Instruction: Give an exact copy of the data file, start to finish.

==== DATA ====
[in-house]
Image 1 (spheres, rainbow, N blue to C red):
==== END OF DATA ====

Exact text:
[in-house]
Image 1 (spheres, rainbow, N blue to C red):